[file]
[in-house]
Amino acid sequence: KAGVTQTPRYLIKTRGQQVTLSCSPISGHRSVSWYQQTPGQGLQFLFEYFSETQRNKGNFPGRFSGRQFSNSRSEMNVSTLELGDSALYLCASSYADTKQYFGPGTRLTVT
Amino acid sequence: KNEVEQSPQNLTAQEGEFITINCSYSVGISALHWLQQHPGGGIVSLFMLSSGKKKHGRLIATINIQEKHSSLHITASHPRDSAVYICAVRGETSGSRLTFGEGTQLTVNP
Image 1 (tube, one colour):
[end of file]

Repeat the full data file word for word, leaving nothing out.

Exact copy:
[in-house]
Amino acid sequence: KAGVTQTPRYLIKTRGQQVTLSCSPISGHRSVSWYQQTPGQGLQFLFEYFSETQRNKGNFPGRFSGRQFSNSRSEMNVSTLELGDSALYLCASSYADTKQYFGPGTRLTVT
Amino acid sequence: KNEVEQSPQNLTAQEGEFITINCSYSVGISALHWLQQHPGGGIVSLFMLSSGKKKHGRLIATINIQEKHSSLHITASHPRDSAVYICAVRGETSGSRLTFGEGTQLTVNP
Image 1 (tube, one colour):